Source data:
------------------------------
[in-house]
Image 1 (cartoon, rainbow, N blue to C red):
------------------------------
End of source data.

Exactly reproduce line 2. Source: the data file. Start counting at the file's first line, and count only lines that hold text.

Image 1 (cartoon, rainbow, N blue to C red):